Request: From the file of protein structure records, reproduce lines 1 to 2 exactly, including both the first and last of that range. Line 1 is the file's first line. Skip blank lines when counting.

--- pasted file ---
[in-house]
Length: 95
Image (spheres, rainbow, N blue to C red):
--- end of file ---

[in-house]
Length: 95